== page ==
Shanmugathas: Is Canada’s decision to cut off aid to UNRWA, based on unproven allegations from Israel regarding Hamas affiliation among some employees, consistent with the rules-based international order? Especially in light of the severe humanitarian crisis in Gaza, exacerbated by incidents such as the killing of 100 Gazans and the injury of over 700  by Israel on February 29th as they attempted to obtain flour amid an imminent famine. What is the rationale behind Canada’s decision in this context? 

Bob Rae: The statement, again, I hate to be a difficult responder to your questions, but your statement that Canada has cut off aid to UNRWA is false. Canada is fully paid up for its commitments to UNRWA through this fiscal year. And what was announced by Minister [of International Development] Ahmed Hussen was that Canada would be reviewing its future funding of UNRWA because of the seriousness of the allegations with respect to the events of October 7th. I have found it interesting that you have not asked me any questions on what happened on October 7th and what we are doing about the responsibility of those who committed a series of atrocities. But I will leave that aside for a moment.  Let me tell you exactly what Canada has done. Canada has met together with a number of countries that have taken similar decisions as Canada, Canada has met with the [UN] Secretary General on a number of occasions, we have met with officials of UNRWA, we have listened carefully as the Secretary General has agreed to launch an internal investigation with respect to the events that took place on October 7th in relationship to the activities by UNRWA employees. Canada has, in addition, announced an additional 40 million dollars of assistance immediately. Simultaneously announced, by the way, is the same time we announced a pause with respect to the future funding, not the current funding of UNRWA, but what funding would take place after the end of March. And we have been reviewing with the Secretary General, and with UNRWA, as we will continue to do, UNRWA Commissioner-General Philippe Lazzarini will be coming to see us in the General Assembly on Monday afternoon. The Canadian government is actively working, together with a number of other governments, to see how we can get more aid into the Gaza Strip, how we can deal with the extent to which things are clearly broken down in the Gaza Strip, and the difficulty of getting aid into Gaza at the moment.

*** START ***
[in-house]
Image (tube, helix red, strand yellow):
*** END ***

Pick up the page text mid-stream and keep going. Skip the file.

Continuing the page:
We are doing everything we can to make sure the monies we have already spent, and have already transferred to a number of humanitarian agencies—including UNRWA—how the supplies that were bought with that money can get into the places where they are vitally needed. There is no disputing that there is a humanitarian disaster taking place in Gaza which is why, since December, Canada has been calling for a humanitarian ceasefire. At the same time, I think there clearly needs to be an investigation with respect to what happened on [February 29th]. It is an awful situation, a terrible tragedy, but your assertion that you know—from wherever you are sitting—that you know exactly what happened and you have exact certainty that you know who did what to whom. As a lawyer, and as a diplomat, I have to say it is a terrible situation, it should never have happened. It is a human tragedy. We have to find out who was accountable, how it could have happened, and how we can stop it from happening again. That is what I call the rule of law, that is what is called due process, and that is important in wanting to be an effective legal arbiter of this kind of situation.

Shanmugathas: I understand, Ambassador, and I do appreciate the constructive feedback. My position is just informed by reading human rights reports and by speaking with Canadians, and I have seen frustration with reports of Israel carrying out numerous violations of the Geneva Conventions and a lack of evidence of the Canadian government reprimanding them in any way.

Bob Rae: Excuse me. Canada, in principle, reprimands anybody who carries out a human rights violation. We ask for investigation of human rights violations. We insist on the accountability of all parties. We are doing whatever humanly possible to get assistance into Gaza and we have called for a ceasefire. We believe in the rule of law. We believe that any breaches of human rights law, whether committed by Hamas—an organization that Canada considers to be a terrorist organization—and I think given the events of October 7th we feel that is a legitimate description, we continue to call for the rule of law. The problem we face right now, with respect to UNRWA, is that there are goods that are stored up outside of Gaza, in Israel, that are not able to get into Gaza. That is the big humanitarian crisis we are facing right now, people are dying, kids are not getting fed, the situation is horrendous. That is why we want a ceasefire. That is why we want to make sure food and healthcare and other assistance can get into Gaza. That is the position of the Government of Canada.